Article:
Pharmacists are another point of contention. Ken Shifrar, an East Millcreek resident, has been a pharmacist since 1979. Although he's not currently practicing, he worries the new law will put his peers' licenses at risk. In his telling, pharmacists are licensed at the state level, but they depend on the National Association of Boards of Pharmacy for federal reciprocity so they can practice in other states. He's not sure how the feds are going to view pharmacists dispensing, monitoring and dosing a Schedule I drug, so he doesn't know what the future will hold for peers employed at private dispensaries or at the state's central fill. "This is the first state that's had the arrogance to do something like this," he says.
Shifrar also hasn't yet heard from the state's Department of Professional Licensing about how they'll deal with pharmacists working with the substance. The uncertainty makes him wonder who would choose to work with medical cannabis. "Not a single person I know is going to risk their license by becoming a cannabis dispensary," he says.
Jennifer Bolton, a spokesperson with the state, released a statement to City Weekly noting that, "The Utah Department of Commerce will not pursue disciplinary action for treatment of cannabis against license holders whose treatment with cannabis complies with the provisions of the Utah Medical Cannabis Act," and that they currently don't have any plans to issue further directives to license holders.
Libertas' Boyack says fears like Shifrar's are unfounded, noting that there are state criminal and civil protections written into the law, and participating pharmacists are not at risk of losing a DEA license, which allows medical professionals to prescribe controlled substances. "In the world of pharmacists, it is the pharmacy that has a federal license. The pharmacist has no such risk," Boyack says. "We're quite confident this is not going to be the poison pill some critics claim it is."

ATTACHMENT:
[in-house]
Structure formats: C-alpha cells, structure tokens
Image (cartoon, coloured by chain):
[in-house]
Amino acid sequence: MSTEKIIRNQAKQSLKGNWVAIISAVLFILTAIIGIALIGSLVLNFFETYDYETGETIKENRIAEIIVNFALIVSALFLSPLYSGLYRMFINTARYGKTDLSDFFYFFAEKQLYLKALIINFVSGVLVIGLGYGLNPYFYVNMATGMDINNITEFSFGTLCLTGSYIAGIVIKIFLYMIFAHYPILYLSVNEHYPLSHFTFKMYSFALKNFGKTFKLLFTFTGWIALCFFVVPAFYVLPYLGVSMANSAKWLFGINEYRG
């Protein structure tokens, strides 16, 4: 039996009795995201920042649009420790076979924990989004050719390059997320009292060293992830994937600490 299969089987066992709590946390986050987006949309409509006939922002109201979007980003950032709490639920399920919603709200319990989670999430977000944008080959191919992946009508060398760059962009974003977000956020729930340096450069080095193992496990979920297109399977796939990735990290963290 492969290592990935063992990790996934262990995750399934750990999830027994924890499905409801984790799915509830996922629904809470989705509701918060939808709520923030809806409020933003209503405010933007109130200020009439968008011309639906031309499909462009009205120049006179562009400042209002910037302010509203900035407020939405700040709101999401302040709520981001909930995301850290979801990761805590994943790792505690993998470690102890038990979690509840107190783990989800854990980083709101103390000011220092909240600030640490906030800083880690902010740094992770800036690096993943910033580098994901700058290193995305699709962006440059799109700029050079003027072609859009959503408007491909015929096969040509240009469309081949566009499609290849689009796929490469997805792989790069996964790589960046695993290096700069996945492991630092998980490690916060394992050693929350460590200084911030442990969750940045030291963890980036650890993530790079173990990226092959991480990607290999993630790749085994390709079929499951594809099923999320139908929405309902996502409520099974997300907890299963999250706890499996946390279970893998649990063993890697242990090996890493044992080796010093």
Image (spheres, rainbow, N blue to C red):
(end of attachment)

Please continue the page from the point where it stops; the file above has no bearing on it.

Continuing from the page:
Boyack believes the reworked law is a step in the right direction, but, "it's certainly not a final destination, by any means." He expects to talk with lawmakers about increasing the number of private dispensaries, controlling cost so patients aren't forced to rely on the black market and expanding the qualifying conditions list. "Our intent is eventually to see the condition list completely done away with so that doctors and pharmacists working together can, at their discretion, use cannabis as a treatment option and not be handcuffed arbitrarily by a list the Legislature came up with," he says.
Sen. Luz Escamilla, D-Salt Lake City, already has submitted a new bill designed to eliminate some confusing wording and add two amendments that'd add protections for state employees and make appointees of the compassionate use board subject to Senate confirmation. "I think the current legislation is not feasible for implementation," Escamilla says. "I understand we're gonna make a lot of changes and a lot of bills are going to be taking place as we try to tackle a pretty complicated issue, but the way this bill is structured, I don't know it's going to work."
Despite his role in negotiating the compromise, Boyack knows the new law isn't perfect. He says he's not sure how the central fill is going to be implemented, or how the state is going to allow patients to use their debit card to purchase their medicine, given that federal banking laws prohibit banks from taking money from cannabis sales. "We don't think any of this is going to work. It's not like we share their vision or their hope," he says. "We think the central fill has many features that present a challenge to ever getting it up and running, or keeping it up and running."
Like many, Escamilla expects medical cannabis to become a perennial legislative issue, as lawmakers tinker with the program and strive to meet the governor's extravagant claim of Utah exceptionalism. "This is going to be an incremental process," she says, offering a prediction: "It's going to be pretty painful."